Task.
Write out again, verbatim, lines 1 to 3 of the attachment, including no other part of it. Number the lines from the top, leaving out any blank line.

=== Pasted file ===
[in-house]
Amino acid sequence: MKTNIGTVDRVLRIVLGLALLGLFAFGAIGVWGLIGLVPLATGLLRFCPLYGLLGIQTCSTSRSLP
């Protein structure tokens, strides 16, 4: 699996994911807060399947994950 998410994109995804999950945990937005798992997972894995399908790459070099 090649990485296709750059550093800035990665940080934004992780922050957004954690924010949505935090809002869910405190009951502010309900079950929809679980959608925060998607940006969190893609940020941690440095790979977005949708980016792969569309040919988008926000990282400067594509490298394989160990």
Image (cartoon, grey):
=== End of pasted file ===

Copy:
[in-house]
Amino acid sequence: MKTNIGTVDRVLRIVLGLALLGLFAFGAIGVWGLIGLVPLATGLLRFCPLYGLLGIQTCSTSRSLP
């Protein structure tokens, strides 16, 4: 699996994911807060399947994950 998410994109995804999950945990937005798992997972894995399908790459070099 090649990485296709750059550093800035990665940080934004992780922050957004954690924010949505935090809002869910405190009951502010309900079950929809679980959608925060998607940006969190893609940020941690440095790979977005949708980016792969569309040919988008926000990282400067594509490298394989160990």